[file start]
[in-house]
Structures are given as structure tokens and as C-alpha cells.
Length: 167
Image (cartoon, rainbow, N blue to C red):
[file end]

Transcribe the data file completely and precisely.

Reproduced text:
[in-house]
Structures are given as structure tokens and as C-alpha cells.
Length: 167
Image (cartoon, rainbow, N blue to C red):